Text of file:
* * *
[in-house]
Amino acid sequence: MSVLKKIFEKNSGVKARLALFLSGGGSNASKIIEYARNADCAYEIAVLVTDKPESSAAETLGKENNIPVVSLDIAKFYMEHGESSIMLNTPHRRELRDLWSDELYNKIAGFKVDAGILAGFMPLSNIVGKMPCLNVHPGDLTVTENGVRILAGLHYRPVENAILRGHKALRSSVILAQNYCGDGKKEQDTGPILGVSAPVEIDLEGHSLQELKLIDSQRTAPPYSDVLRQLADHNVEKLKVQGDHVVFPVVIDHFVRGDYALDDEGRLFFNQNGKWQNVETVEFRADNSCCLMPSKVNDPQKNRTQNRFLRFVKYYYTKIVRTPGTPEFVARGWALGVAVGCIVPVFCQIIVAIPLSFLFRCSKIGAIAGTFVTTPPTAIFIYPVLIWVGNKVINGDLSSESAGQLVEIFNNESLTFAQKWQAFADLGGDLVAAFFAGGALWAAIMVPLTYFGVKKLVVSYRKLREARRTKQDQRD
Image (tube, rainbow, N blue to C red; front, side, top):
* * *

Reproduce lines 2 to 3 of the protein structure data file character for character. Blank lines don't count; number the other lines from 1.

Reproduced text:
Amino acid sequence: MSVLKKIFEKNSGVKARLALFLSGGGSNASKIIEYARNADCAYEIAVLVTDKPESSAAETLGKENNIPVVSLDIAKFYMEHGESSIMLNTPHRRELRDLWSDELYNKIAGFKVDAGILAGFMPLSNIVGKMPCLNVHPGDLTVTENGVRILAGLHYRPVENAILRGHKALRSSVILAQNYCGDGKKEQDTGPILGVSAPVEIDLEGHSLQELKLIDSQRTAPPYSDVLRQLADHNVEKLKVQGDHVVFPVVIDHFVRGDYALDDEGRLFFNQNGKWQNVETVEFRADNSCCLMPSKVNDPQKNRTQNRFLRFVKYYYTKIVRTPGTPEFVARGWALGVAVGCIVPVFCQIIVAIPLSFLFRCSKIGAIAGTFVTTPPTAIFIYPVLIWVGNKVINGDLSSESAGQLVEIFNNESLTFAQKWQAFADLGGDLVAAFFAGGALWAAIMVPLTYFGVKKLVVSYRKLREARRTKQDQRD
Image (tube, rainbow, N blue to C red; front, side, top):